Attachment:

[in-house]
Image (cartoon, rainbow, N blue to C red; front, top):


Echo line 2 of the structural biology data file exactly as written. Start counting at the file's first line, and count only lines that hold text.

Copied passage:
Image (cartoon, rainbow, N blue to C red; front, top):